Did you know that Appsmith is a fully remote distributed organization? We have colleagues in 5 countries! This makes total sense for us as an open-source platform with contributors from over 100 countries (take a look at our activity on Github). It’s also why we think of ourselves as learners; we read, talk to people, and love feedback. And in that spirit, every new team member makes an app on Appsmith in their first week upon joining us! And there is only one rule, that there are no rules! These apps range from functional to fun to downright silly!
This week, we’re featuring our colleague, Favour Ohanekwu’s app. Favour is a front-end engineer from Ibadan in Nigeria. Over the years, he has been actively involved in building web applications across several industries ranging from health, agriculture, and IoT. You can follow his work here.
Favour toyed around with a few ideas before landing on a final app idea. Some of these app ideas were:
Favour chose to work on the third idea to build a Github Dashboard to view and track several projects, using Github’s REST API.
We’ll outline the steps involved in making this app, and you’ll see how easy it is to build this application in few simple steps using Appsmith!
This short tutorial uses the cloud version of Appsmith. However, you can always export and import Appsmith apps to different environments (cloud, self-hosted, local). The recommended way to use Appsmith is to use Docker; follow the documentation here for detailed instructions if you want to build locally.
Now you can build a simple UI with Appsmith widgets to build the dashboard and display all metrics crucial to your project!
Now that you’ve configured the app, you will need to configure a data source that will fetch all the repos from a Github organization. To do this, follow the steps below:
Additionally, you can drag text widgets and add some context regarding the same for the dashboard. Here’s how it looks:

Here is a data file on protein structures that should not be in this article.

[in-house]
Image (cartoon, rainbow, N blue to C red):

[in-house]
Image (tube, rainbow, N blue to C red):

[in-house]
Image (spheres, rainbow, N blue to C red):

Displaying Core Metrics
Now that the repositories are listed on the application, you can fetch the data of a single repository and display all the crucial information such as network count, forks, subscribers, and a few more.
Additionally, you can add more text widgets and a container widget to organize this more beautifully.
Here’s how Favour did it:
Displaying Repository Events
In this section, you can display a table widget to show all the events for a repository. In this way, you can monitor who is creating pull requests, pushing new changes, etc.
Follow the steps below to do this:
With this code snippet, you can display all the data from the get_repo_events API and bind it on the table widget. Following is how the output looks like:
Last, you can add a couple of charts that will help you visualize the number of repository forks and the number of watchers for the repository by following the below steps:
Following is a screenshot:
Now, wasn’t that easy to do with Appsmith?
Have you made something using Appsmith? Write to me (email@example.com), and I would love to feature you on our blog!
If you’re interested in building an app on Appsmith, sign up today. We have docs, and tutorials and live help, and a vibrant discord community to help you along the way. So go ahead, put your ideas out there!
Do you want to join Appsmith? We’ve got a bunch of openings; take a look here and apply!
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